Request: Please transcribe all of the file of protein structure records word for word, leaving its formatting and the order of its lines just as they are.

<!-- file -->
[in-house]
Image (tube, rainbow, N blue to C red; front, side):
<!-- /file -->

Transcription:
[in-house]
Image (tube, rainbow, N blue to C red; front, side):